Reagan’s speech 35 years ago called on democratic nations to join in reaffirming the power of ideas to change the world for the better, reminding their citizens to think of themselves as “free people, worthy of freedom and determined not only to remain so but to help others gain their freedom as well.” Wars initiated by tyrants had devastated whole continents; the best way to fight totalitarianism and its terrible inhumanity was by actively promoting freedom and democratic ideals.

Two years later, on the 40th anniversary of D-Day, Reagan noted at Normandy that the men who fought there had faith that what they were doing was right, faith that they fought for all humanity: “You all knew that some things are worth dying for. One’s country is worth dying for, and democracy is worth dying for, because it’s the most deeply honorable form of government ever devised by man.”

Mr. Trump’s National Security Strategy aims to rebuild U.S. economic and military strength. The goal is to keep the peace, so that soldiers will not have to make the ultimate sacrifice to defend America’s vital national interests, its principles and its way of life. But as the world has learned, to great sorrow and loss of life, there are no guarantees. “We know that American success is not a foregone conclusion,” Mr. Trump said Monday. “It must be earned and it must be won.”

Or as Reagan put it in 1982: “No, democracy is not a fragile flower. Still it needs cultivating.”

Ms. Shelton is chairman of the National Endowment for Democracy. She served on the Trump transition team.

Appeared in the December 21, 2017, print edition.

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Finding America’s Lost 3% Growth – Jay Davidson
ECONOMIC RECOVERY demands economic growth in the private sector.  Show me any nation that successfully grows its federal control and its economy.  This fact is the Achilles Heal of all Socialist, Communist and Democrat rhetoric.
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The best government is one that stays out of the private sector and lets market forces prevail.
Remember F.A. Hayek’s quote: “If a Socialist understood the economy, he would no longer be a Socialist.”
– Jay Davidson
Finding America’s Lost 3% Growth

For the original WSJ article, please go here.

If the country can’t grow like it once did, then the American Dream really is irretrievably lost.
By Phil Gramm and Michael Solon

Growth deniers are declaring that America’s economy has lost its ability to grow at 3% above inflation. If that’s the case, maybe we should go back to where we lost 3% growth and retrace our steps until we find it. For only with 3% or higher growth does America experience measurable progress in poverty reduction, strong job creation and income growth. If 3% growth is irretrievably lost, so is the American Dream.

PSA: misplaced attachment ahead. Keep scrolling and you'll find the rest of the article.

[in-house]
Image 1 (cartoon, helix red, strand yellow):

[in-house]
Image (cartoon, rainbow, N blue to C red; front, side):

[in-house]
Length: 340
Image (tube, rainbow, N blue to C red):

Did America actually experience 3% real growth to start with? Yes. In the postwar era, the U.S. averaged 3.4% annual growth from 1948 through 2008. We averaged 3% growth for half of the George W. Bush presidency (2003-06). From 2009-12, the Obama administration, the Congressional Budget Office and the Federal Reserve all thought they saw 3% growth just around the corner. If the possibility of 3% growth is gone forever, it hasn’t been gone very long.

America enjoyed 3% growth for so long it’s practically become our national birthright. Census data show that real economic growth averaged 3.7% from 1890-1948. British economist Angus Maddison estimates that the U.S. averaged 4.2% real growth from 1820-89. Based on all available data, America has enjoyed an average real growth rate of more than 3% since the founding of the nation, despite the Civil War, two world wars, the Great Depression and at least 32 recessions and financial panics. If 3% growth has now slipped from our grasp, we certainly had it for a long time before we lost it.

So poor was our economic performance during the Obama presidency, with its 1.47% economic growth, that now many Americans believe 3% growth is gone forever. The CBO has slashed its 10-year growth forecast to a measly 1.8% per year. If we never see 3% growth again, our grandchildren may point to 2009 and say, “That was when the American economy ran out of gas.”

While Obama apologists like to claim that labor-productivity and labor-supply factors preclude 3% growth, most of the growth constraints we face today are directly attributable to Mr. Obama’s policies. The Bureau of Labor Statistics reports that labor-productivity growth since 2010 has plummeted to less than one-quarter of the average for the previous 20, 30 or 40 years. Productivity fell during the current recovery, not during the recession. With high marginal tax rates, especially on investment income, new investment during the Obama era managed only to offset depreciation, so the value of the capital stock per worker, the engine of the American colossus, stopped expanding and contributed nothing to growth.